US judge: Man's Facebook claim should be dismissed (Update)

Mar 26, 2013

A New York man's multibillion-dollar lawsuit claiming half-ownership of Facebook Inc. should be dismissed, a federal judge recommended Tuesday.

Siding with the social media company and its founder, Mark Zuckerberg, Magistrate Judge Leslie Foschio said the contract on which Paul Ceglia based his case was faked.

Facebook recently said it has 1 billion users, and it has been valued at $50 billion,

Ceglia, 39, sued in 2010 claiming that he and Zuckerberg, then a Harvard University student, signed a software development contract in 2003 that included a provision entitling Ceglia to half ownership of Facebook in exchange for $1,000 in startup money for the young company.

The judge found that while the two did sign a contract, any references to Facebook had been added later. He pointed to a copy of the original April 28, 2003, contract discovered on a hard drive as the lawsuit was being argued. Ceglia had emailed it to an attorney in March 2004, years before his lawsuit against Facebook and Zuckerberg.

The magistrate's recommendations now go to a district judge, who will consider any objections before either adopting or modifying the decision.

"Today's federal court decision confirms what we have said from day one: this lawsuit is an inexcusable fraud based on forged documents," said Colin Stretch, deputy general counsel for Facebook. "We are pleased the court agrees."

A call to Ceglia's attorney, Dean Boland, was not immediately returned.

A federal indictment out of New York City in November charged Ceglia with mail and wire fraud after an investigation by the U.S. Postal Inspection Service alleged Ceglia doctored, fabricated and destroyed evidence to support the claims in his 2010 lawsuit.

He has pleaded not guilty.

At the time of the indictment, Manhattan U.S. Attorney Preet Bharara said Ceglia was seeking a "quick payday based on a blatant forgery."

If convicted, Ceglia could face up to 40 years in prison.

Zuckerberg is worth an estimated $13.3 billion.

Explore further: Smartphone sales lifted by emerging markets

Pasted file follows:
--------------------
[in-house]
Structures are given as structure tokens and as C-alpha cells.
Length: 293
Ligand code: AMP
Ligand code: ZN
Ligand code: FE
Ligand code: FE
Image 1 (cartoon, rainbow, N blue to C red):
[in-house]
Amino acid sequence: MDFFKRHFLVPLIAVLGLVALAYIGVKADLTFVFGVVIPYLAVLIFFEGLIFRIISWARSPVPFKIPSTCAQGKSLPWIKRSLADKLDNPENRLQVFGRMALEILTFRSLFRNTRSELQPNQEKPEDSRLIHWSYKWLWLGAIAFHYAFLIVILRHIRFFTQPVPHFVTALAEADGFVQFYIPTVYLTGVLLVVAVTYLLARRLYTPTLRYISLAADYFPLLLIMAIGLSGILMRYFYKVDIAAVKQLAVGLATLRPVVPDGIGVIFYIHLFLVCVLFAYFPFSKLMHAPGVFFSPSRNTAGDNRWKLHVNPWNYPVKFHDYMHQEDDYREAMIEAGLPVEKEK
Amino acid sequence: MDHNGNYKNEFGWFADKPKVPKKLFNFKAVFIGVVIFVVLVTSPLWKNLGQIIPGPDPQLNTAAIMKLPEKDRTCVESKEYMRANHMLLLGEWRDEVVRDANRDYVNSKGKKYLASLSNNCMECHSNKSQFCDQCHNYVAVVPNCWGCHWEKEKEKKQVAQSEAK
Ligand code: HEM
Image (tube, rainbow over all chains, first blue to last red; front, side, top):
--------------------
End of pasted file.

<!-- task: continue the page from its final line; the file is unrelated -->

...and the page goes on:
5 /5 (1 vote)
add to favorites email to friend print save as pdf

Related Stories

NY man accused of trying to cheat Facebook

Oct 26, 2012

(AP)—A New York man has been charged in what authorities call a multibillion-dollar scheme to defraud Facebook Inc. and its chief executive, Mark Zuckerberg.

Facebook urges court to boot ownership suit

Mar 26, 2012

Facebook on Monday called on a judge to toss out a New York man's claim to partial ownership of the world's leading social network on the basis that the suit is bogus.

NY man suing Facebook fined $5,000 by court

Jan 11, 2012

(AP) -- A New York man who's suing for part ownership of Facebook has been fined $5,000 by a federal judge for failing to fully comply with an order to turn over his email account information.

Zuckerberg: Contract for Facebook ownership 'fake'

Jun 03, 2011

(AP) -- Facebook founder Mark Zuckerberg says emails and a signed document that form the basis of a New York man's lawsuit claiming part ownership of the social networking phenomenon are fakes.

Recommended for you

Lenovo wraps up purchase of Motorola phone unit

4 hours ago

Lenovo Group announced the completion of its acquisition of Motorola Mobility from Google Inc. on Thursday in a move aimed at making the Chinese computer maker a global smartphone brand.

Baidu profit up 27 percent as mobile grows

7 hours ago

Chinese search engine Baidu Inc. said Thursday its quarterly profit rose 27 percent as user traffic for its mobile operation surpassed passed its desktop computer-based search business.

Samsung vows changes after mobile profit plunges

8 hours ago

Samsung Electronics Co. admitted erring in its smartphone strategy and vowed Thursday to overhaul its handset lineup after profit from those devices tumbled last quarter to the lowest in more than three years.

WhatsApp founders own nearly $9B in Facebook stock

8 hours ago

WhatsApp founders Jan Koum and Brian Acton received 116 million shares of Facebook stock currently worth nearly $9 billion when they sold their unprofitable messaging service to the social networking leader earlier this month.

User comments : 0

Please sign in to add a comment. Registration is free, and takes less than a minute. Read more

Click here to reset your password.
Sign in to get notified via email when new comments are made.